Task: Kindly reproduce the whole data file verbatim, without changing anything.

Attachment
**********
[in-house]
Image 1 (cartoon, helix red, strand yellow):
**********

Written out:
[in-house]
Image 1 (cartoon, helix red, strand yellow):